I know, hence the smilies. :rolleyes: It was what is called "humor", a "quip" if you will. Might you want to hone that sense of "humor" there. ;)



    • Gentoo is a piece of crap and learns you nothing but reading and following instructions.

      The point of using something like Arch or Slackware is that you will be avoiding the package manager all together. That's how you learn how stuff works (dependencies, building software using make/gcc, how the system dynamic linker works with ld.so.conf and LD_LIBRARY_PATH, how to set up scripts for init, etc..).

      Using Gentoo just means your package installs take longer, not that you understand more of what's going on. Quite the contrary, Gentoo is about the least "hands dirty" distro there is thanks to its package manager.

      I equate Gentoo to Ubuntu/Fedora/OpenSuSE. It is not a "down and dirty" distribution.
     
  8. Scuba629 thread starter macrumors regular

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    Jul 14, 2010
    #8
    Yep. ;-)
     
  9. Scuba629 thread starter macrumors regular

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    Jul 14, 2010
    #9
    Never used it so im wondering whats different from that and Redhat stuff. Is Fedora bad?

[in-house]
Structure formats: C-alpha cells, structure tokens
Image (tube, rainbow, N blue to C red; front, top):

10. KnightWRX macrumors Pentium

    KnightWRX

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    #10
    None is bad. Ubuntu is based off Debian so it uses the DPKG system rather than RPMs and has the APT front-end tools along with other graphical management toolks. Fedora uses YUM or some other repository based system I don't care to know of to basically do the same kind of package management.

    Ubuntu ships with Unity as the default DE while Fedora still uses Gnome with a heavily modified theme of their own.

    All differences are moot. In the end, you end up with a GNU/Linux system that you can customize to your hearts content. However, that depends what you're trying to do with the system. Obviously, you're quite new to Linux. The question is now do you want to learn about it, use it actively or just learn a vendor's particular variant of it.
     
  11. Roman2K~ macrumors 6502a

    Joined:
    Mar 11, 2011
    #11
    That's a little harsh... Gentoo does abstract compilation / linking / installation by default. When a package is missing from the Portage tree, or the latest version is outdated, you can simply create an ebuild yourself. And to do it properly, it's best to first build, link, install it "by hand", the dirty way, and then make an ebuild out of what you just learned the hard way (while keeping flexibility with USE flags), for a clean installs.